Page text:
The biggest target for negative advertising so far this campaign has been Scott Schmerelson, who represents the West Valley plus Sherman Oaks and Studio City.

CCSA has bought more than $860,000 in negative advertising against Schmerelson, hoping to bolster their favored candidate in the district, Marilyn Koziatek. One ad criticized Schmerelson's personal finances:

The ad illustrates Schmerelson as wearing a gold chain and clutching a wad of bills. Schmerelson, who is Jewish, has objected to the ad as "blatantly anti-Semitic," saying the portrayal plays off anti-Jewish stereotypes.

Let's examine some of the ad's claims about Schmerelson:

CLAIM: Schmerelson held stock in McDonald's, BP, "opiate" supplier Johnson & Johnson, and "Altria, the owner of JUUL"

This claim is accurate. Schmerelson reported his ownership in these stocks on his Form 700 — a standard form where political candidates, elected officeholders and even some unelected officials must disclose information about their personal finances.

According to his Form 700 filed in March 2019, Schmerelson owned:

  • Between $10,001 and $100,000 of stock in the Altria Group, which owns a 35% stake in vaping giant Juul
  • Between $10,001 and $100,000 of stock in tobacco company Philip Morris
  • Between $10,001 and $100,000 of British Petroleum stock
  • Between $10,001 and $100,000 of McDonald's stock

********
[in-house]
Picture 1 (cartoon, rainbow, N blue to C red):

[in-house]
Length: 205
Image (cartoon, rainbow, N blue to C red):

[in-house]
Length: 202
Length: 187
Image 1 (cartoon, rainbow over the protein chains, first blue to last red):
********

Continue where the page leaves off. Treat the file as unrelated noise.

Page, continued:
• Between $10,001 and $100,000 of stock in Johnson & Johnson, a health care giant that was recently ordered by an Oklahoma court to pay a $572 million judgment over its role in the opioid crisis.

In a Facebook live conversation earlier this month, Schmerelson said that he, too, was alarmed to discover he owned the stock.

Schmerelson said his stock broker previously had "free rein to buy and sell whenever he wants." The board member claimed to have since sold both the Philip Morris and JUUL-linked stock — and to have ordered his broker to inform him of any future stock purchases.

FILE - LAUSD board member Scott Schmerelson attends a press conference at Western Ave. Elementary School in South L.A. on June 5, 2019. (Kyle Stokes/LAist)

CRITIQUES GO BEYOND THE MAILER

Behind this line of attack is an advocacy organization called Speak Up, which opposes Schmerelson's stances on a number of policy issues — including the critical issue of charter schools. (Schmerelson's not a fan.)